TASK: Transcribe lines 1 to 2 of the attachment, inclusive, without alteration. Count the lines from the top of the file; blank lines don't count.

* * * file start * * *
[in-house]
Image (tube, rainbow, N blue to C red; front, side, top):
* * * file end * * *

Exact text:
[in-house]
Image (tube, rainbow, N blue to C red; front, side, top):